These are all examples of “the brotherhood.” But what happens when one of our own breaks their soul? We cannot see the outward evidence of injury and are therefore suspicious of its legitimacy. Even in our capacity to look beyond that initial skepticism, we find ourselves painfully unprepared to engage on this issue because we simply do not know what to say and because it reveals the potential for us to fall victim to the same dreaded affliction (if it can happen to them, it can happen to me).
Addressing Despair and Desperation
Although my department is as susceptible as any for suffering a line-of-duty death, we are actually three times more likely to experience the death of a member through suicide. And hindsight is always translucent. Invariably, after the immediate shock has worn off, our conversations include statements like, “I knew he was struggling,” “She seemed more distant than usual,” and “He never did get over that call.” We knew.
Sometimes, suicide does take us by surprise (“I never in a million years would have thought he would take his own life—never”), leaving us all the more lost, struggling to understand when the only person who can explain the incomprehensible is not around anymore to answer the question that consumes our thoughts: Why?
Being our brother’s keeper means doing whatever it takes—period. We have an obligation to care so much, to love our fellow responders so much, that we are willing to look our brother or sister in the eye and have a courageous conversation about what we see. Experts tell us that suicide is the intersection of three circumstances: a thwarted sense of belonging (being ostracized or alone), a perceived burdensomeness, and the capability to actually end our own life. Often, firefighters, paramedics, and emergency medical technicians lose so much perspective on life that they come to believe that the only way to end their pain is through their own death, and they justify their actions internally by thinking, however mistakenly, that those around them would be better off without them. Perception is reality to the person who is carrying the weight of despair and desperation.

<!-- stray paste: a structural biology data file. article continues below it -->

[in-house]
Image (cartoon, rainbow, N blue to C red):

Make the Effort
We must ACT1: Ask about intent or ideation, Care for your brother or sister at risk, and Take them to professional help. Asking the question, “Are you thinking about hurting yourself?” takes tremendous courage. Frequently, a member in trouble may realize that he needs help but cannot bring himself to make the call himself. He simply cannot pick up the phone. Pick it up for him. Identify that you are calling for someone else and then hand the phone over.
If you ask someone if he is willing to seek help and he says no, SAY SOMETHING. Tell someone else so they can help. At what point does a brother’s private life warrant walking away from him when he is in crisis? Never. We spend more than a third of our lives with our fellow responders. We are present in each other’s lives and are more than willing to offer advice about anything (since we are experts in everything). Sometimes, the mere fact that we are paying attention is enough to cause others to reconsider their plan and come in out of the darkness.
Our words can make a difference, but only if they are matched with action. First, emphasize how much we care and are willing to do; second, remind the person that he has worth, that the world is a better place because he is in it—right now; third, tell him that no matter how bad a situation is, there is a capacity to get beyond it. The road may be hard, but no one has to travel it alone—not in this family.
Here are resources that can help. National Suicide Prevention Lifeline: 1-800-273-TALK (8255), National Fallen Firefighters Foundation Life Safety Initiative 13 Web resources: www.everyonegoeshome.com/16-initiatives.
1. Everyone Goes Home, Life Safety Initiative 13, Psychological Support, www.everyonegoeshome.com/16-initiatives/13-psychological-support.